No matter what happens with the weather this winter, Salon will have an excuse ready to explain away any temperature condition as due to global warming. Too warm? Obviously global warming. Too cold? Also a result of global warming due to the polar vortex used to explain away the unusally cold temperatures of this past winter
 

By Tim Graham | October 18, 2014 | 9:44 PM EDT

The Washington Post's Style section occasionally publishes the online Q&As with its TV critic Hank Stuever...even when they get testy.

On Friday, someone lauding the "excellent" work of John Oliver on HBO mocking the Miss America pageant. Stuever's apparently heard this line too much among liberals, and insisted that Oliver (and Jon Stewart and Stephen Colbert) get praise for "reporting" things that they could easily find in a newspaper or even an old Spy magazine (which stopped publishing in 1998, the Year of Lewinsky):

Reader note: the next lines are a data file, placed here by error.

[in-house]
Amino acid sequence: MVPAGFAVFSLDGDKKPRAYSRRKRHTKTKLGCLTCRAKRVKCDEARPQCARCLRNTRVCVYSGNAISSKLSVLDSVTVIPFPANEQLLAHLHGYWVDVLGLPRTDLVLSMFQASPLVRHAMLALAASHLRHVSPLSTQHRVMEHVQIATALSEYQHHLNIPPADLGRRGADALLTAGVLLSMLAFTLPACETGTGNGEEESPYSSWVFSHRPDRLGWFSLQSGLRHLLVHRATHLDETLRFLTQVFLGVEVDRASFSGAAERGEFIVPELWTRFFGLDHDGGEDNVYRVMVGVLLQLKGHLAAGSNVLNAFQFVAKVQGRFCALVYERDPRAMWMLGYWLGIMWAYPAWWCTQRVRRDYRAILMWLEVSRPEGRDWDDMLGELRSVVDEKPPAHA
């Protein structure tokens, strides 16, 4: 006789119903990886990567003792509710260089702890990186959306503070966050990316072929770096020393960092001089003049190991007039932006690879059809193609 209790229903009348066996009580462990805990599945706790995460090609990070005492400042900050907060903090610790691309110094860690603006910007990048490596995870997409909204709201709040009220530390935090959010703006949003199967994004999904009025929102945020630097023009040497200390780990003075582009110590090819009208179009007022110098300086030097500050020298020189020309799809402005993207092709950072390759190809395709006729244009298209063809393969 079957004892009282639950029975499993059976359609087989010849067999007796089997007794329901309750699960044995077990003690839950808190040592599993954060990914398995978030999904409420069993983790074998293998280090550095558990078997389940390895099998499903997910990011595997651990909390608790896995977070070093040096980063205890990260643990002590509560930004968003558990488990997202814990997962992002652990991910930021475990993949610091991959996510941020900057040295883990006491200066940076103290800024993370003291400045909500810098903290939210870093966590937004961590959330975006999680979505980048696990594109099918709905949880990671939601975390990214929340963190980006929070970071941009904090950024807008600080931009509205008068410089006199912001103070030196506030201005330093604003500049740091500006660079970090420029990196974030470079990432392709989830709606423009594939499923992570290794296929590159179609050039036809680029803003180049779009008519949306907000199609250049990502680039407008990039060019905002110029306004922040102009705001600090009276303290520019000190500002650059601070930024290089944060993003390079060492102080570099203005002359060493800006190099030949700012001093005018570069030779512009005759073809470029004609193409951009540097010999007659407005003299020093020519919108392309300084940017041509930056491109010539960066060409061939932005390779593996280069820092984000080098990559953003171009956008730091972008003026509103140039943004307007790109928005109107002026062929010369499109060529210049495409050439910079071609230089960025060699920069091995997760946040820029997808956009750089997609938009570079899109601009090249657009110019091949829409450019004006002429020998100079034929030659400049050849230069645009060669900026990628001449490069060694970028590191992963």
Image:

By Laura Flint | October 18, 2014 | 5:03 PM EDT

All of the liberal media seem to be pushing the same agenda: overhype the “Fangate” controversy to their political advantage.  On the October 16 episode of The Daily Show, Jon Stewart spent the first nine minutes of his half hour long Comedy Central time slot praising Governor Rick Scott for being the “pony” in the “horse s***” world” his very own President created. He called him "the hairless serpentine incumbent," and put his head on a snake.

By Tim Graham | October 18, 2014 | 2:31 PM EDT